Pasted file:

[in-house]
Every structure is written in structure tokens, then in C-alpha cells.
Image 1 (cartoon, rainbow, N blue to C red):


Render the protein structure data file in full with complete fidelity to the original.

[in-house]
Every structure is written in structure tokens, then in C-alpha cells.
Image 1 (cartoon, rainbow, N blue to C red):